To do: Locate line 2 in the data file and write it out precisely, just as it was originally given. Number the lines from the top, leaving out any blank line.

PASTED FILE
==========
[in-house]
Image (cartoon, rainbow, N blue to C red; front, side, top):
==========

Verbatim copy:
Image (cartoon, rainbow, N blue to C red; front, side, top):